The Ancient Egyptians are iconic, and could provide a great quantity of creative material if they were utilized for Zelda. Some obvious examples include the Pyramids, the obelisks, and the Sphinxes. The many great monuments would provide an impressive backdrop for a town or dungeon. The historical facts could provide much in the way of gameplay; the many legends of gods and beasts could come to life! Humans with the heads of beasts would provide a wonderful starting point for many of the enemies one could face. Mummies may be cliché, but sphinxes seem underused in fantasy. The Egyptians also had their fair share of wars, and at its peak, their fighting force was a formidable force that utilized the weapons of the Hyksos against them; charioteers, archers and foot soldiers (human or otherwise) could compliment the enemies Link would face.

Aztec

Using stone-age tools, great empires arose in the lush jungles of South and Central America. Though they lacked metal, they had incredible technology in other areas, such as architecture, mathematics, farming, agronomy and engineering. The best known of these empires were the Aztec, Inca and the Maya. Though there were many grand South American empires, I think the Aztecs would be the best for a Zelda game. An Aztec setting would be perfectly exotic; rich forests surround magnificent cities of wonder…and danger.

From their lake-city of Tenochtitlan, the Aztecs spread their influence through war. Their best soldiers would adorn themselves with costumes that made them look like animals. Jaguar and eagle warriors were among the top tiers the warrior hierarchy. Fighters would also dress as pumas, coyotes and other fierce beasts. As enemies go, these would provide a refreshing change for link. Since they had no metal, they had to be skilled at using wooden swords and clubs imbedded with razor-sharp obsidian flakes (known as macuahuitli), as well as spears and arrows sharpened with the same techniques. The warriors were also expected to capture more often than kill, and this could be represented by the enemies being more likely to stun Link before going in for a heavy blow.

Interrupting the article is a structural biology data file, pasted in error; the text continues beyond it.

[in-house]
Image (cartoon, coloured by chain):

Aztec gods also had interesting stories behind them that could be incorporated into gameplay. Take Tezcatlipoca, for instance. He name translates to "smoking mirror." Why not have a great maze filled up with smoking mirrors, as part of a dungeon? The dungeon itself could be housed inside a great step pyramid. Other possible creatures that could be encountered in this type of setting include anthropomorphic Ahuizotli, part monkey, part dog, and wholly awesome for mythical purposes. The art and architecture could be exquisite in a Zelda game.

Greece/Rome

I know that Greece and Rome are very different, but they seem similar enough to warrant them being described at once. From the Mycenaeans to the Spartans to the Athenians, the Greeks were a diverse bunch of city-states. Rome, on the other hand, was a united empire during its glory days. Nonetheless, both Greeks and Romans were nestled around the Mediterranean, and share historical connections.